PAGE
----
Joe Scarborough, co-host of MSNBC’s Morning Joe, called the emails “fairly significant” and said they show at least “one example of the Clinton Foundation getting probably millions of dollars … and then having the foundation pick up the phone and say ‘help our donor over here.’”

    Co-host of Fox News’ Fox & Friends Steve Doocy said, “when you look at these particular email that you have released, it's pretty clear, if you want access to the State Department officials, big top government people, or even jobs, just give the Clinton family foundation a lot of money.”

    These accounts adopt Judicial Watch’s frame that Band, acting as an agent of the Clinton Foundation on behalf of Clinton Foundation donors, was wielding influence in the State Department. But Band was also a personal aide to President Clinton during this time period, and, as the Times noted, the Clinton campaign says he was acting in that capacity in these emails, which they say do not “involve the secretary or relate to the foundation’s work.” A fact sheet distributed to surrogates by the Clinton campaign and obtained by Media Matters states that Band sent the emails “on behalf of President Clinton from his presidentclinton.org email, not on behalf of the Foundation.”

    Moreover, neither the emails nor the news reports provide any evidence that Clinton Foundation donors impacted decisions Clinton made at the State Department. According to the Times, Band attempted to “connect” Chagoury with someone at the State Department to discuss “his interests in Lebanon.” But the actual email exchange provides no support for this claim -- Band gives no explanation for why Chagoury wants to speak to a “substance person re Lebanon.” The Clinton surrogates fact sheet states that Chagoury, who is of Lebanese descent, “was simply seeking to share his insights on the upcoming Lebanese election with the right person at the Department of State for whom this information might be helpful. In seeking to provide information, he was not seeking action by the Department.”

    Nor does the Times explain what Chagoury’s “interests in Lebanon” are -- while the language suggests he has business interests in the country, the paper provides no evidence that is the case. Chagoury has engaged in philanthropic ventures in Lebanon. In 2008, Chagoury made a $10 million donation “to fund the medical school” at the Lebanese American University and has been involved with a charity called In Defense Of Christians, which, according to its mission statement, seeks “to ensure the protection and preservation of Christianity and Christian culture in the Middle East.”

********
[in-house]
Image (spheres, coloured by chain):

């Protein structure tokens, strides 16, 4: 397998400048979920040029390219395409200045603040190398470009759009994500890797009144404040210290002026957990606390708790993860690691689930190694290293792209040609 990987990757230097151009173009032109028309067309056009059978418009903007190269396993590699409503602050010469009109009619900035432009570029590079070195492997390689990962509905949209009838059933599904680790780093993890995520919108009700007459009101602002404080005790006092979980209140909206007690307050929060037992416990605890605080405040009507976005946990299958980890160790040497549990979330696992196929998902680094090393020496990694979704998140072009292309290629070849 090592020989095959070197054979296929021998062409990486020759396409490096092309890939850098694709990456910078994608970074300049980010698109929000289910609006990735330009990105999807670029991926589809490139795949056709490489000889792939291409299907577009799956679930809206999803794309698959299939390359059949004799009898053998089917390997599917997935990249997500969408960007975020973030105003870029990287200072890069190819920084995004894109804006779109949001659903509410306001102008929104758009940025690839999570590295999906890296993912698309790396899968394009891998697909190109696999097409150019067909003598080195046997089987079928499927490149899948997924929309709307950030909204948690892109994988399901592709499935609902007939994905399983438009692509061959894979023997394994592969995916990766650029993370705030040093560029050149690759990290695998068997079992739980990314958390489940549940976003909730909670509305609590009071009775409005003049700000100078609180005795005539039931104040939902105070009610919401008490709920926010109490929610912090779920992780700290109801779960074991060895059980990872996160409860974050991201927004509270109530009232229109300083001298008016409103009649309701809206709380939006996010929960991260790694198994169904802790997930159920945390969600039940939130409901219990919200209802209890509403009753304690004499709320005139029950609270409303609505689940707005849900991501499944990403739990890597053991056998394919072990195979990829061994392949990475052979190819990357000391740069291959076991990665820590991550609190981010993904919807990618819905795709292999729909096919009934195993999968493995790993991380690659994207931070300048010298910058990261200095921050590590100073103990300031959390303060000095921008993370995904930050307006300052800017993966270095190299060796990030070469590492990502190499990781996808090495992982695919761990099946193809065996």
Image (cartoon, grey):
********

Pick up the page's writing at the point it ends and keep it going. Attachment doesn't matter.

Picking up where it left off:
Likewise, the Times report and other similar accounts also allege that “the foundation” attempted to influence Clinton aides to “help find a job for a foundation associate,” based on a Band email highlighted by Judicial Watch. But the email exchange these reports are pointing to clearly shows the “foundation associate” the Times refers to was never employed by the Clinton Foundation, according to the Clinton campaign, and the email exchanges themselves indicate that the State Department aides were already intending to offer the candidate a position. In comments to ABC News, State Department spokesman Elizabeth Trudeau also noted that the State Department “hires political appointees through a ‘variety of avenues’ and suggested there was nothing unusual about this exchange,” adding “State Department officials are regularly in touch with a range of outside individuals and organizations including non-profits, NGOs, think tanks, and others.”

    Judicial Watch is a right-wing organization with a history of duping the press on Clinton email stories. The media should not be so quick to adopt their framing as the truth.